Does Europe need a collective image?

You’ve got to admire Demos. Having tackled the thorny task of examining the brand we might think of as Britain, it has applied its skills to finding a cultural unity in Europe. No easy job, but one that will swell its reputation and stimulate even more debate on the issue of national branding.

Since the dawning of pan-European branding for fmcg products in the late Eighties, we’ve tended to dismiss the idea of promoting Europe at the expense of preserving regional differences in flavour between countries. Except, that is, when it comes to political and economic accord. The fact the Japanese think of Scotch as a European drink, probably distilled somewhere on the Continent, is considered a bit of a red herring.

The “love affair” between US President Bill Clinton and UK Prime Minister Tony Blair says more about Britain’s international leanings than, say, the wrangles about a European currency. There’s scant evidence, for example, that the Channel Tunnel has improved the mildly antagonistic relationship that exists between the UK and France.

Nor do we push the idea of European design as an entity, particularly in Britain, where we regard ourselves as best in many disciplines, or at least in training world-class designers. The rumpus over the child’s sketch of a pizza representing Italy, in the identity created to mark the UK’s six-month presidency of the European Union, highlights the way we misjudge our European cousins.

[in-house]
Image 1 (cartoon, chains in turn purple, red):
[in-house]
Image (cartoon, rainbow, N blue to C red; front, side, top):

But maybe things are changing. Maybe we no longer believe that a blanket “European” approach to design automatically spells blandness – there’s enough of that coming from individual countries, including the UK, to show that nationalism and excellence aren’t synonymous.

London-based Italian architect Enrico Astori, founder of Italian furniture firm Driade, says he detects a new European style. But it’s not coming from individuals such as French star Philippe Starck, rather from the “teamwork” between designers he sees in Driade’s display of largely British design at Viaduct’s London showroom.

Over in Eindhoven another Italian architect , Stefano Marzano, is plugging away with a multinational design team comprising 400 staff globally to create household products with a Philips brand that are neither Dutch nor Italian. Nor are they bland.

If design is an indicator, the Demos report on Europe the brand could be well timed. The question is: why bother? Even in sport, where national reputation is pushed to the extreme, we don’t see Europe competing against the rest of the world. Why therefore do we need a collective image?

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